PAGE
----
“One-bedroom condo sales have gone up 10 per cent over last year, to 760 from 688. Two-bedroom condo sales have declined marginally, to 343 from 344 last year.”
But TREB president Dorothy Mason figures that the slightly smaller demand for two-bedroom units is an anomaly that will correct itself.
“Our sampling of data indicates the demand for two bedroom units is unchanged from the previous year,” Mason says. “This could be a reflection of various factors such as available inventory of this housing type.
“At the very least, it’s accurate to suggest that the demand for two bedroom condominiums is in line with the entire resale housing market, which remains strong and stable.”
In any given complex, bachelors, one-bedroom and two-bedroom condos usually have many of the same fixed costs such as appliances and sinks. But the smaller the unit, the more those costs are reflected in the price, making the two-bedroom a better buy.
“The biggest turning point (in the emergence of the two-bedroom condo) has been the market’s acceptance of an inside bedroom without a window,” Monarch’s Mitchell says.
“When you have an inside bedroom, we are bound legally to provide some natural lighting. What you are seeing are opaque sliders (doors) into the inside bedroom. It is no big deal, you are getting natural light and investors prefer the extra bedroom. They are able to get a higher rent for these units.”
The “wide-shallow split” is probably the most popular two-bedroom condo design in Toronto right now. This layout places the living room and dining area between the bedrooms, and all rooms have windows.
“Right now, we are selling the two-bedroom units two to one,” says Nestor Repetski, senior partner at Winick Realty Corp., which represents the West Harbour City project east of the Canadian National Exhibition grounds. “For every one-bedroom-and-den we sell, we move twice as many two-bedroom condos. Five years ago, we weren’t even building two-bedrooms; now our advertising slogan is `big corner suites.’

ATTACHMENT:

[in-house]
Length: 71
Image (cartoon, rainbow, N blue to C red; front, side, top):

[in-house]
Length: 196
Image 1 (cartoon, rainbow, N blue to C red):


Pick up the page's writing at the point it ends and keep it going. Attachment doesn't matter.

“About a year ago, we looked at what purchasers were saying in our sales centre and what was happening in general in the marketplace, and it became obvious that this is where the market is going,” Repetski says.
“It is more than just demographics … sociology plays a big role too. It says that young people are factoring a number of social issues into their buying decisions – the price of gas, the cost of automobiles, thinking green and, of course, lifestyle plays a huge role. too.”
“The two-bedroom-and-den trend hit Oakville sometime ago,” said Mark Cohen, vice-president of marketing and sales for Tribute Communities. “Five years ago we may not have built any, but at our new Courtyard Residences at Oak Park, they make up one-third of our suites. The units have been quickly absorbed by emptynesters and young buyers who just want more space. The singles are still going fast, attracting first-time buyer attention.”
While builders are making bigger living space available, they aren’t finding many young families moving in. Even as the square footage for two-bedroom-and-den units now rivals starter townhouses in the suburbs, there is a reluctance among Canadians to rear their children in a highrise.
But there are signs that might be starting to change. Downtown, young couples who have been living in condos sans offspring for a decade, are now having children.
While many make a white-picket fence decision and move outside the city, a few opt to raise baby in a loft or tower. Daycares have begun to appear around condominium sites and new schools are being planned near large developments.
It depends on your mindset, explained Veronika Belovich, director of sales and marketing with Crystal Blu, a soon-to-start 35-storey tower in Yorkville.
“Our project will have 138 units, 70 per cent of which will be two-bedroom suites. We are seeing interest from buyers with children. Most appear to be moving to Toronto from outside of Canada and don’t have any preconceived bias against raising children in a luxury building.”
“This concept that you don’t raise children on an upper floor will soon end,” Lyon says. “Toronto is a fertile ground for raising a family.
“As a nation, we say that we want to limit sprawl. We should be raising children in two-bedroom condos – it only makes sense.”